Honolulu, Hawaii

(Noel from This Hawaii Life)

There’s nothing like celebrating New Year’s Eve in Honolulu. There are so many cool kid-friendly venues and activities to see and participate in Honolulu, along with the typical New Years celebrations, great parties, fireworks and even just walking on the beach and see all the amazing firework displays or firing off some yourself.

Honolulu Hawaii NYE celebrations

There are wonderful family activities from beach, snorkelling fun, going to the aquarium and zoo, along with easy adventure experiences like sailing and hiking,  to just enjoying a nice day on the beach or exploring around the city and various attractions. Check out my post on the best things to do in Honolulu for more inspiration.

New Years celebrations happen at all the hotels and resorts around the city and some cater for family friendly fun and you can just check Hawaii tourism site to find out about the latest in NYE celebrations in Honolulu.

Disneyland Paris, France

(Shel from Skylar Arias Adventures)

Ring in the New Year at the ‘happiest place on earth’ at Disneyland, Paris! This special ticketed event at Disneyland Paris has a special New Year’s Eve parade with all the Disney characters, as well as an amazing countdown to midnight fireworks show.

Disneyland Paris NYE

If the kiddos can’t stay up till midnight, you can still catch the regular evening fireworks show, it’s just as amazing! Rides stay open till midnight, so you have the opportunity to get on all your favourite attractions.

Make sure to reserve tickets online, and dress warm as the weather can be very cold during the winter in Paris.

Also make sure to reserve hotel rooms in advance as well. It was so crowded during our visit and most hotels were sold out. We stayed at the Explorers Hotel, which is a Disney partner hotel with free shuttles to the parks and train station.

Disney World, USA

(Kris from Nomad By Trade)

New Year’s Eve at Disney World is the ultimate celebration for kids. What kid wouldn’t want to party with Mickey and friends? All four theme parks stay open until midnight or later, with the major rides and shows open as well as dance parties throughout the evening, and special fireworks at midnight (Animal Kingdom will have a special projection show instead of fireworks).

Epcot and the Magic Kingdom also do special early performances of their fireworks for those who can’t make it until midnight, and Hollywood Studios offers Fantasmic earlier in the evening.

Disney World NYE

The Magic Kingdom has the most family-friendly celebrations as alcohol is only served in the table service restaurants, but it’s also the most crowded, typically closing for capacity well before lunchtime.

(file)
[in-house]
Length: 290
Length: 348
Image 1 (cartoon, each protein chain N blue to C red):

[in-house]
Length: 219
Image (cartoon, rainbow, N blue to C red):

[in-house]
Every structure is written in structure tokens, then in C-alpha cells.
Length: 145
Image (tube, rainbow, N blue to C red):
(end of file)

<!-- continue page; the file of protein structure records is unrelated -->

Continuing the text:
After several trips, our favourite has been Epcot for New Year’s Eve because of the parties at the different World Showcase pavilions and great dining options for a special NYE dinner.

Whichever park you choose to celebrate at, I’d highly recommend staying at a Disney World hotel that night so you can take advantage of their free transportation. It took us more than an hour just to leave Epcot’s lot after NYE one year, and we very much would rather have been on a bus to our hotel even if the line for it was long. These hotels do book up quickly though, so make your reservation as far in advance as possible.

Wisla, Poland

(Bec from Wyld Family Travel)

Having a white Christmas knee deep in snow is a bucket list travel item for many Aussies. It is such a contrast from what we are used to and celebrated in such a different way but I can tell you New Year’s Eve knee deep in snow with your own set of fireworks should definitely be number two.

Wisla, Poland, for NYE

We celebrated our first every snow covered New Year’s Eve in Wisla Poland. We had spent the day getting stocks of the most delicious Polish food and vodka before going home to cook it up for a very lavish dinner. We had to stop on the way home at numerous fireworks stalls on the side of the road which was an eye opener in itself as this is completely illegal in most of Australia.

We spent the afternoon sledding and snowball throwing just out the front of our friends’ ski chalet, and as the sun went down we sat down to a beautiful traditional dinner made for us by our friends. As there are ski runs near their house, the mountains were lit up but that all changed just before 12.00.